Sunday, November 14, 2010

Kogswell P/R with Roseland Porteur Rack

I installed a Velo Orange Portuer rack on my Kogswell in the summer, and rode it for about 4 months. The VO rack works very well, and looks excellent. The only complaint I have is that by attaching to the fork drop-out, it stiffens up the lower front end of the bike, and makes handling slightly more awkward, especially on fast winding descents. This is really being nitpicking. I also lament the fact that I can't use the fork crown braze-ons on the Kogswell fork intended for porteur racks.

Miles Whitmore of Roseland Cycles posted on the Kogswell yahoo group that he had enough tubings to make 5 more porteur racks designed to go on P/R's fork, and Roseland might not make these racks in the future. I emailed him to reserve a 650b version right the way. 10 days later, I met Miles in Berkeley not too far from my apartment--it turns out that Miles and his partner is moving Roseland down to Berkeley from Santa Rosa, and current works out of a garage a few blocks away--and grabbed the rack from him.

The installation seemed easy. The rack is designed to connect to the mid-fork braze-ons and the fork crown braze-ons. I threaded in the 5mm bolts to attach the rack at the mid-fork, then realize that the rack struts meant to attach to the fork crown braze-ons were not exactly on the spot. Also, the fork crown braze-ons on the Kogswell weren't tapped, so I spent some effort getting the thread on the 6mm bolt to catch. After some pulling, the rack went on the fork. I then drilled a hole on the fender to attach to the fender tap under the rack, and installed the B&M IQ Cyo on the light holder on the rack. I am also using a porteur rack bag that Swift Industries makes on the rack.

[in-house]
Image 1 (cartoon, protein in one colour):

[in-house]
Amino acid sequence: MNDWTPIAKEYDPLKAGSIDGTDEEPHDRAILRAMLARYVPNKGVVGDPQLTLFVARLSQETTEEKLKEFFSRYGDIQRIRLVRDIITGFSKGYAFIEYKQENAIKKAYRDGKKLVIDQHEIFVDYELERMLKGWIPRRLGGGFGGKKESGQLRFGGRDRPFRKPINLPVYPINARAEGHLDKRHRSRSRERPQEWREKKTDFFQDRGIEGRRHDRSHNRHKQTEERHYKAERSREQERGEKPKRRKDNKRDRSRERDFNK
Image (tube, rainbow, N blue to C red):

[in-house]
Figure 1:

I have ridden around time to buy groceries, etc. on the bike, and it feels not much different than when I was using the VO rack. However, on several hilly workouts in the Berkeley Hills, the restored suppleness in the front end on fast descent is certainly noticeable--the bike feels spriter, more responsive, and I feel more confident taking a turn at high-speed.

It is comparable in weight as the VO rack, and its attachment to the mid-fork braze-ons instead of the fork drop-outs means that I can safely put this bike on buses whose bike rack uses a front-wheel-hook to secure the bikes. The only nitpicking complaint I have is that the light holder is placed too high--my IQ Cyo properly adjusted to illuminate the road barely not stick out beyond the rack platform. When the porteur bag sits on the rack, it places pressure on the top of the light. I might have to use a VO light holder to solve the problem. But otherwise I am really happy with the rack so far.

Saturday, October 2, 2010

Buddhist Bicycle Pilgrimage 2010--Day 1

Buddhist Bicycle Pilgrimage (BBP) is a supported cycling event in the Bay Area that starts in Woodacre (near Fairfax) and ends in Redwood Valley (near Ukiah). The event takes participants, or pilgrims, to 4 area Buddhist centers--Spirit Rock Meditation Center in Woodacre, Sae Tae Win Center in Graton, City of Ten Thousand Buddhas in Talmage, and Abhayagiri Monastery in Redwood Valley. The pilgrims ride through the back roads of Marin and Sonoma Counties to get to the KOA Campground in Asti on the first day (~ 84 miles) and then from the campground to Abhyagiri Monastery with a lunch stop at the City of Ten Thousand Buddhas (~ 56 miles on the second day). Dennis Crean started the event in 2002; living then in Berkeley, Crean, an avid cyclist, wanted to ride to Abhayagiri Monastery where he is a devotee. He announced to his friends and many ended up taking the journey together. He planned the whole event and rode the distance himself. A non-profit organization was later founded to carry on the annual event.

The route has had slight variation through the years. In the first 5 editions, the event traveled to Valley Ford, then follows Bohemian Highway through Freestone and Occidental to Guerneville on the Russian River. Since 2007, BBP added an additional center Sae Tae Win to visit and travels through Graton and Sebastopol before crossing the Russian River and rejoining the previous route on Westside Road. The change of route reduces the total distance on Day 1 from 96 miles to 84 miles.

Another detour took place a couple of times in the earlier editions and then was adopted again in 2010. After lunch on the second day at the City of Ten Thousand Buddhas, the route goes north on Sanford Ranch Road, then goes uphill on Knob Hill Road before going across the ridge on Watson Road to connect to Vichy Springs Road and rejoins the old route. This 2010 route change avoids bridge retrofitting work taking place on Talmage Road.